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Tag Archives: jewelry

Sometimes less is more

27 Jun

On my second day of hunting with the Compadre, I met a fellow hunter at an old park.

Surprisingly, I wasn’t finding very many pull tabs there so I decided to try the Compadre at the spot in the park that has produced 10 silvers and which I know is heavily iron laden. First target was a small piece of old, unidentifiable brass. I was impressed because I’ve covered this spot from every direction and about 100 times with Maurice (my XP Deus detector). Next target was a big and loud signal. Again, I’ve removed all signals from this spot except for the iron so I was one more time surprised. After a minute or two of digging I produced this from the hole:
shield

This little shield pin is about one inch tall by 1/2 inch wide. It is (was) gold plated. The back has no writing of any kind but the gold plating is more obvious there. It looks to be old, I would say pre-1940’s. The pin on the back is missing but the welding is plainly visible.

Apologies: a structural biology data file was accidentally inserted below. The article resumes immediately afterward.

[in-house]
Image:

Not much to talk about other than I found it with the Mighty Compadre at a spot that I thought Maurice and I had thoroughly cleaned. I must say however that this spot continues to produce targets and probably will continue to produce targets in the future.

One last thing; I am using the iPhone ear plugs since the Compadre only has one beep at one volume and fancy headphones are not required. I had forgotten what a royal pain in the behind wires are! I am now in the process of researching some kind of wireless solution for my Compadre. I can’t go back to wires. Don’t ask me.

Thank you for looking!

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The Deus and the Iron Pit

11 Jul

I took the XP Deus metal detector to the Iron Pit. The Iron Pit has become the proving grounds for all my metal detectors.

The Deus p-owned the Iron Pit!

I have said that I have hunted the Iron Pit until there were no signals left except ferrous signals. Then I took the Tesoro Compadre and was floored that I was able to get a few non-ferrous targets out of the Iron Pit.

Well today, after work, I hit the Iron Pit with the Deus. In essence and for all practical purposes, the Iron Pit has become a live site again, with LOTS of non-ferrous signals.

various metal objects

Iron Pit, p-owned!

I even managed to get a silver earring!